6. Go easy on chores (for now)

Building up good study habits at a young age is key to helping children carry good study habits for the rest of their academic careers. Limiting distractions for your children during study time is important because it helps train them to focus on completing one task at a time. So, cut your children a break during study time and hold off on chores. While they should still keep up on the basics like maintaining a neat study space, keeping up with good personal hygiene, and picking up after themselves, let them skip out of some bigger tasks like doing the dishes, helping with yardwork, or taking out the trash. They’ll stay more focused on their materials for school, and they’ll appreciate the gesture too when they see that you recognize how hard they are working to do well on their exams.

7. Study groups can be good

Not all children do well holed up in their rooms to study. Some  learn better by talking through information, and study groups can be a great way to get through dense material. If you think that it would be helpful for your children to study with their peers, encourage them to invite a few classmates over for a group session. Provide some healthy snacks and a quiet study space away from the rest of the family, and let them work. Just keep an ear open to make sure that they’re staying on topic.

8. Embrace the power of tech

While it may seem like a good idea to take away computers, TVs, tablets, and smartphones during study time, sometimes incorporating technology can be a big help. Online programs are a given in most classrooms today, and often children have access to supplemental materials, including videos, guided examples, and practice quizzes at home. These can be great resources to add to your children’s arsenal of exam-prep tools. If you’re worried about your children resisting temptation to browse the Internet, programs like Cold Turkey can temporarily block distracting websites while your children study.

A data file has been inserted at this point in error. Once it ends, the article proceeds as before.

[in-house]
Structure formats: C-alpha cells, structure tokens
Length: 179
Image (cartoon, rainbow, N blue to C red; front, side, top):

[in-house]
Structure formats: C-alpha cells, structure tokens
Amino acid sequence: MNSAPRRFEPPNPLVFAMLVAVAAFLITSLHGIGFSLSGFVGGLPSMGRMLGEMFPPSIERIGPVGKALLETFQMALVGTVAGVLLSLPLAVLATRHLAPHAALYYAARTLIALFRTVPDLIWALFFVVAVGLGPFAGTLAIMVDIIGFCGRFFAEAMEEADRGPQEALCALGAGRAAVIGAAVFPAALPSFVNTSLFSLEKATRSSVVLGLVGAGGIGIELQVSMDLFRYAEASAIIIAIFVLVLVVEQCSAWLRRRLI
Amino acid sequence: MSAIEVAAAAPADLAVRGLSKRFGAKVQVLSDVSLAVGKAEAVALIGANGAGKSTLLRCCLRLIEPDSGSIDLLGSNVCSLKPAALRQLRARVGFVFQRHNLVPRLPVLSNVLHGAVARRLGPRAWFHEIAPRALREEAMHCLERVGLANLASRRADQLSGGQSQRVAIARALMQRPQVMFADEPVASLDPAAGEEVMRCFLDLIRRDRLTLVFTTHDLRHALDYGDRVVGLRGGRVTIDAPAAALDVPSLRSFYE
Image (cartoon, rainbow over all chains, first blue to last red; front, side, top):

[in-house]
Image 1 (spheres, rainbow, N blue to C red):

9. Be involved

Throughout all the stress of exams, your children will need your support. Take some time during dinner to ask them how they are feeling about their tests, what their testing schedule is like, and if they need any help studying. Offer to quiz them or go over notes together, and let them know you are willing to help. Or, if your children do better being left alone to concentrate, try a more hands-off approach. It might be difficult to find the balance between being too relaxed and helicopter parenting, so ask your children directly about what kind of support they want. Opening up these conversations can offer big benefits for both you and your children.

10. Encouragement counts

At the end of the day, education shouldn’t be about grades; it should be about learning. You know that your children’s happiness will always come first, and you don’t want to see them stressed out over a test. Be sure to let your children know that success isn’t measured solely by straight A’s and that doing poorly on one test won’t be the end of their world. Remind them that you’re there for support by taking the time to write a short note for their lunchboxes or simply giving them an extra big hug when they get home. Little things will mean the world to your children when they’re nervous about exams and instill a sense of confidence that will help them perform to the best of their abilities.

Preparation is key when it comes to test-day success! Looking for a tool to help your children practice grade-appropriate skills in math, ELA, science, and social studies as they prepare for midterms or end-of-semester exams? Check out Study Island for Home!'s picture

McKenna Wierman studied Journalism at the University of Mississippi, and has worked with Edmentum since June 2016. She currently serves as a Digital Marketing Specialist, and believes that empowered teachers are the key to successful students.